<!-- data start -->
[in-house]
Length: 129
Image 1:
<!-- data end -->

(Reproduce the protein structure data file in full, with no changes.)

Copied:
[in-house]
Length: 129
Image 1: